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The life and times of Folsom Street Fair : San Francisco

After reading part one, you’ve hopefully found a local munch, joined fetlife or read some articles. Or they’re on your to-do list. Or you have no interest in exploring kink but you find this interesting. My last article focused on responsible ways to get into the lifestyle. There are irresponsible ways to get into kink, too; many, many irresponsible ways. I want you to be safe, happy and sexually fulfilled, so here is how NOT to get into kink. Stay safe out there, kinksters.

Related: How to Explore Kink Responsibly

Source: pinterest.com

Source: pinterest.com

1. Pop Culture

I discussed the lingering social stigma of BDSM practitioners in part one. I also mentioned how 50 Shades of Grey is garbage. I can’t think of an instance where BDSM has been represented well on a mainstream level, but I would love to hear from you if you know an example.  On Amazon’s Transparent, Gaby Hoffman’s character goes on a date with a trans man. They go to his house and he immediately insists she call him “Daddy” and demands she drop her pants and shave her pubes. That is not a dynamic that starts on the first date; it’s something you negotiate and agree upon first. It pissed me off because it’s irresponsible and inaccurate. Don’t learn about BDSM from TV and movies. Learn about it from books and blogs and friends and munches.

Related: 50 Shades of Fucked Up


The orbitofrontal cortext, which is responsible for impulse control. Source: wikipedia.org

The orbitofrontal cortext, which is responsible for impulse control.
Source: wikipedia.org

2. Impulsively

I think I’ve gotten the point across that kink is an intense practice and not something to enter into lightly. I don’t mean to scare you, because it’s not scary (unless you’re into fear play); it’s really fun. But you should do a little research first. Read about the different types of kink (check out the resources in part one) and decide what you’re into and what you’re not. Things you’re not into are referred to as “hard limits” and things you are curious but unsure about are referred to as “soft limits.” “Safe words” allow you to tell your partner to slow down or stop. There are many checklists online (here are a few). Any responsible play partner who cares about your boundaries and safety will respect your desire for a checklist. Any play partner who insists a checklist is not necessary is not someone you should play with. 


Source: picserver.org

Source: picserver.org

3. On a first date

Playing with someone takes trust, communication and negotiation. Anyone who proposes beating you up on a first date is probably not a safe person. It takes time to negotiate limits and desires, and you should stay away from anyone who pressures you. As always, trust your instincts. If it doesn’t feel right, it’s not right. You should always meet up with a potential play partner in person at a public place first. Do not get your kink on at the first meeting; get your talk on. Experienced kinksters can usually be vetted by the kink community. On a first play date, make sure someone knows where you are, and schedule a phone or text check-in with a trusted friend.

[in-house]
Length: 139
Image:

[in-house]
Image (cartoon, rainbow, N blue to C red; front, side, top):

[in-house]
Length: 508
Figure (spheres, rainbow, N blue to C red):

4. When you don’t want to

Like any sexual act, you don’t want to be pressured. I can’t stress this point enough: Trust your instincts: if something doesn’t feel right, don’t play. Consent is always on the table, meaning you can revoke it at any point, even if you are naked and tied up. A partner who pressures you or gets mad at you if you change your mind is not a good partner. Consent is a crucial part of BDSM, and you should only be playing if you truly want to. Don’t have kinky sex to make your partner happy. Don’t have kinky sex because you feel like everyone else is. Don’t have kinky sex because you promised you would and you feel bad changing your mind. Explore kink because YOU want to.


This kitty is in no place for playing. Source: flickr.com

This kitty is in no place for playing.
Source: flickr.com

5. When you’re super intoxicated

Most seasoned kinksters advise against any sort of inebriation when playing. I don’t agree completely: one drink or a couple hits of weed is what some people need to relax and prepare. But I definitely agree that you shouldn’t be wasted. Engaging in impact play, pain play, and/or blood play is risky by itself. When done responsibly by experienced and willing players, it is incredibly satisfying. If you’re drunk, you risk serious injury and even death. Yes, kinky sex is a blast, but it not worth dying for. So please don’t fuck when you’re fucked up.

Featured Image: torbakhopper via Flickr Creative Commons


Ash Fisher is a comedian, actor and writer. She is not a comedienne, an actress or a writeress. Ash does standup all over California and co-produces and hosts "Man Haters Comedy" every month at The White Horse in Oakland. She is also an occasional illustrator and does voiceovers whenever someone lets her. She is a self-proclaimed selfie expert. Ash holds a B.F.A. in Theatre from NYU’s Tisch School of the Arts, and Sallie Mae will never let her forget it.

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